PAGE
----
Editor's Picks

Hogan’s trial redefines the line between public figure and private citizen

Terry Gene Bollea, more commonly known as “Hulk Hogan,” just won a tremendous award from the Sixth Judicial Circuit Court of the State of Florida totaling $140 million, and got a pretty crucial ruling – celebrities have substantial privacy rights.

Photo by Dirk Shadd (AP).

In Terry Gene Bollea v. Gawker Media LLC et al., Bollea (or Hulk Hogan) sued Gawker media for invasion of privacy, after the website published a video of Bollea engaged in sexual acts with Heather Clem, a wife of a shock jock by the name of Bubba the Love Sponge Clem.  The video was filmed in 2006.  Bollea settled his claim against Bubba Clem for five thousand dollars while he maintained his actions against Heather Clem and Gawker Media.

Gawker Media is a media conglomerate comprised of multiple blog websites.  Gawker.com is their flagship website but other blogs have gained notoriety in the past such as Deadspin.com, which broke the story about Bret Favre sending a New York journalist an explicit photo of himself.

Gawker’s defense team predominantly argued that the video was of public concern. 

Bollea filed his lawsuit alleging five claims: invasion of privacy by intrusion upon seclusion, publication of private facts, violation of Florida common law right of publicity, intentional infliction of emotional distress, and negligent infliction of emotional distress.  In order to prevail in his suit, he had to prove that Gawker gave publicity to a matter concerning private affairs 1) that would be highly offensive to a reasonable person and 2) the information was not of public concern.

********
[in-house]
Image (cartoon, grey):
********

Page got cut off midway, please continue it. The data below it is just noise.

Gawker’s defense team predominantly argued that the video was of public concern.  Defense explained that Bollea placed his sex life in controversy by routinely talking about his sexual prowess and history in the public eye.  Over the years, Bollea has not only been a star wrestler but specifically injected his sex life into the public eye through his reality TV show, talking to TMZ, and revealing details on the Howard Stern show where he even brought up the sex tape.  The sex tape was an extension of these repeated assertions.   Given that Bollea had talked about his sex life on other media outlets, the public was indeed interested in his sex life and therefore the sex tape.

In addition, Gawker’s defense advocated for a broad interpretation of “newsworthiness” under the First Amendment.  The defense cautioned that an adverse ruling against Gawker would set a precedent that substantially chills the speech of the media.  Newsworthiness should be a decision made by the public not the courts.  In response, Bollea attorneys argued that “Hulk Hogan’s” sex life might be of public concern but the private sex life of Terry Bollea is not.

The crux of Bollea’s argument was that Gawker Media published a video that violated his privacy rights as a private citizen  . . .

The crux of Bollea’s argument was that Gawker Media published a video that violated his privacy rights as a private citizen and that his private persona is entitled to more privacy than his public persona, as Hulk Hogan.  Bollea testified that the media has mistaken the two because he “exercises artistic liberty” by blending the truths of “Bollea’s” private life with “Hogan’s” public life.